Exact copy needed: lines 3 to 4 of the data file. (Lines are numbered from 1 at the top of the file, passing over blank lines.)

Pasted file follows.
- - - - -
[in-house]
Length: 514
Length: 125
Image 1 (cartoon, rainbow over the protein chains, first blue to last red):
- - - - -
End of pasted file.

Length: 125
Image 1 (cartoon, rainbow over the protein chains, first blue to last red):